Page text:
6 November 2009 | Source: just-drinks.com editorial team

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New legal regulations covering Scotch whisky have been lined up to become law later this month in the UK.

Scottish Secretary Jim Murphy confirmed yesterday (5 November) that the measures, which will include the outlawing of the bottling of single malt outside Scotland, will be passed into law on 23 November.

The regulations include:

The compulsory use of category descriptions, such as 'Blended Scotch Whisky';

Presentation rules, which are intended to promote understanding of every category of Scotch whisky, Single and Blended, to consumers;

Additional protection for Scotch from unfair competition and deceptive practices within a legal framework;

Rules to require the bottling of single malt Scotch in Scotland;

Protection for the traditional regional names associated with Scotch whisky production and clear rules on product age statements;

Introduction of an enforcement mechanism, with HM Revenue & Customs designated as the Scotch whisky verification authority;

Use of the word 'Pure' is to be banned, as it has led to confusion as 'Pure Malt' may come across as being superior - the term has been used to disguise the fact that the product is a blend of malts rather than a single malt;

A tightening up of the use of distillery and regional names.

"It is vital that we protect our key industries," said Murphy. "We cannot allow others to trade off our good name and to pass off inferior whisky as being produced in Scotland. These regulations will help protect whisky customers across the globe."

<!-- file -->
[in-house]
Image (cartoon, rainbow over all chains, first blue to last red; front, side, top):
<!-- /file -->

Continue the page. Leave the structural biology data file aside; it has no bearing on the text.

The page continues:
The move has been welcomed by trade body the Scotch Whisky Association. "Additional protection helps safeguard Scotch from unfair and deceptive practices," said SWA chief executive Gavin Hewitt. "The new labelling rules provide a unique opportunity to promote consumer understanding of Scotch worldwide. These regulations have the strong backing of the Scotch whisky industry."


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UK: William Grant & Sons toasts sales rise

3 November 2009 | Source: just-drinks.com editorial team

Glenfiddich to be a key focus

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William Grant & Sons, owner of Grant's Scotch whisky, has reported a strong sales rise for 2008, but warned of deteriorating fortunes for Scotch in 2009.

Net sales for the 12 months of 2008 rose by around 20% to GBP598.3m (US$981m), against GBP495.7m in 2007, according to accounts filed by William Grant & Sons Holdings Ltd this week.